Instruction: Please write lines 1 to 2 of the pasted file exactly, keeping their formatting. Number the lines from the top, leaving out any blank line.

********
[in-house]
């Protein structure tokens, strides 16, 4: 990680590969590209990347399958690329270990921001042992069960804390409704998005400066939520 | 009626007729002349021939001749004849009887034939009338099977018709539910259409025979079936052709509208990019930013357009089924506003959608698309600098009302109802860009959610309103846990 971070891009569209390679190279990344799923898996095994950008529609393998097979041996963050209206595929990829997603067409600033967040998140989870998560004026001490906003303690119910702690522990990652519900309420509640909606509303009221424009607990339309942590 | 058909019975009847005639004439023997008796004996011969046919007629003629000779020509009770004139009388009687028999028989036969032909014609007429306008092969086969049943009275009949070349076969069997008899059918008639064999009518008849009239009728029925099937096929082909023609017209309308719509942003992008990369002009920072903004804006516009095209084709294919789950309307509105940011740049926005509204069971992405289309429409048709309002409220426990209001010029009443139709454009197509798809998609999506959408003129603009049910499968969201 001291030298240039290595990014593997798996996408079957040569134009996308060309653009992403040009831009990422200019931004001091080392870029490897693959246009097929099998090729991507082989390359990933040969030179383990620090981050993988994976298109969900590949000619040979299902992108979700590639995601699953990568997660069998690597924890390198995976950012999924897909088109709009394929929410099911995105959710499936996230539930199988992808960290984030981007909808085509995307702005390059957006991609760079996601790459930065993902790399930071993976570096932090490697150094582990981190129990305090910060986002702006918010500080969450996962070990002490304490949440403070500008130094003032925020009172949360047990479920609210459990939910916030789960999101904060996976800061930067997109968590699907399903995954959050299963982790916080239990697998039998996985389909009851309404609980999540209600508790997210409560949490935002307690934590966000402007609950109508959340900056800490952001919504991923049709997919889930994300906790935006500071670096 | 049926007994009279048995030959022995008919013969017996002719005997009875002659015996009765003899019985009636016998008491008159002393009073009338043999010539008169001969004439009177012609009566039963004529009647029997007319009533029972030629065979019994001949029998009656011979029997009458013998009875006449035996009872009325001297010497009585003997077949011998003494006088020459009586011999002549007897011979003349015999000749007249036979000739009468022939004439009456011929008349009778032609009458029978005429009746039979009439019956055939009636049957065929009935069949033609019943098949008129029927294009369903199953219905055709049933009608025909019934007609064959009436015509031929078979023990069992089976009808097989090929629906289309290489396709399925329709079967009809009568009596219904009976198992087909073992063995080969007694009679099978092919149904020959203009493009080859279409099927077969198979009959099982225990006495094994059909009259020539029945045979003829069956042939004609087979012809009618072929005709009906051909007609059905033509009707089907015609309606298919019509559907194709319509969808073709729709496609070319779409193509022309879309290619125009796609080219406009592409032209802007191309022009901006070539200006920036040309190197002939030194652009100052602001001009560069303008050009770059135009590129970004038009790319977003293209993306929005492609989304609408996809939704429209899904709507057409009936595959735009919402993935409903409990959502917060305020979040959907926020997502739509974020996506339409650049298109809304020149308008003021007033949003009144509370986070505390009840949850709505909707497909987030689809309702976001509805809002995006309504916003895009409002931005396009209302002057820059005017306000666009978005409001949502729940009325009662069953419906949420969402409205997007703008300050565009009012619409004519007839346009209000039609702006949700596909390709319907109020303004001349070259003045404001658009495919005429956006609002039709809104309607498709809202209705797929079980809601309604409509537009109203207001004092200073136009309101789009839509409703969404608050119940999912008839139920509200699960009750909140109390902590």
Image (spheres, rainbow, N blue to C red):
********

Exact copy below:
[in-house]
């Protein structure tokens, strides 16, 4: 990680590969590209990347399958690329270990921001042992069960804390409704998005400066939520 | 009626007729002349021939001749004849009887034939009338099977018709539910259409025979079936052709509208990019930013357009089924506003959608698309600098009302109802860009959610309103846990 971070891009569209390679190279990344799923898996095994950008529609393998097979041996963050209206595929990829997603067409600033967040998140989870998560004026001490906003303690119910702690522990990652519900309420509640909606509303009221424009607990339309942590 | 058909019975009847005639004439023997008796004996011969046919007629003629000779020509009770004139009388009687028999028989036969032909014609007429306008092969086969049943009275009949070349076969069997008899059918008639064999009518008849009239009728029925099937096929082909023609017209309308719509942003992008990369002009920072903004804006516009095209084709294919789950309307509105940011740049926005509204069971992405289309429409048709309002409220426990209001010029009443139709454009197509798809998609999506959408003129603009049910499968969201 001291030298240039290595990014593997798996996408079957040569134009996308060309653009992403040009831009990422200019931004001091080392870029490897693959246009097929099998090729991507082989390359990933040969030179383990620090981050993988994976298109969900590949000619040979299902992108979700590639995601699953990568997660069998690597924890390198995976950012999924897909088109709009394929929410099911995105959710499936996230539930199988992808960290984030981007909808085509995307702005390059957006991609760079996601790459930065993902790399930071993976570096932090490697150094582990981190129990305090910060986002702006918010500080969450996962070990002490304490949440403070500008130094003032925020009172949360047990479920609210459990939910916030789960999101904060996976800061930067997109968590699907399903995954959050299963982790916080239990697998039998996985389909009851309404609980999540209600508790997210409560949490935002307690934590966000402007609950109508959340900056800490952001919504991923049709997919889930994300906790935006500071670096 | 049926007994009279048995030959022995008919013969017996002719005997009875002659015996009765003899019985009636016998008491008159002393009073009338043999010539008169001969004439009177012609009566039963004529009647029997007319009533029972030629065979019994001949029998009656011979029997009458013998009875006449035996009872009325001297010497009585003997077949011998003494006088020459009586011999002549007897011979003349015999000749007249036979000739009468022939004439009456011929008349009778032609009458029978005429009746039979009439019956055939009636049957065929009935069949033609019943098949008129029927294009369903199953219905055709049933009608025909019934007609064959009436015509031929078979023990069992089976009808097989090929629906289309290489396709399925329709079967009809009568009596219904009976198992087909073992063995080969007694009679099978092919149904020959203009493009080859279409099927077969198979009959099982225990006495094994059909009259020539029945045979003829069956042939004609087979012809009618072929005709009906051909007609059905033509009707089907015609309606298919019509559907194709319509969808073709729709496609070319779409193509022309879309290619125009796609080219406009592409032209802007191309022009901006070539200006920036040309190197002939030194652009100052602001001009560069303008050009770059135009590129970004038009790319977003293209993306929005492609989304609408996809939704429209899904709507057409009936595959735009919402993935409903409990959502917060305020979040959907926020997502739509974020996506339409650049298109809304020149308008003021007033949003009144509370986070505390009840949850709505909707497909987030689809309702976001509805809002995006309504916003895009409002931005396009209302002057820059005017306000666009978005409001949502729940009325009662069953419906949420969402409205997007703008300050565009009012619409004519007839346009209000039609702006949700596909390709319907109020303004001349070259003045404001658009495919005429956006609002039709809104309607498709809202209705797929079980809601309604409509537009109203207001004092200073136009309101789009839509409703969404608050119940999912008839139920509200699960009750909140109390902590």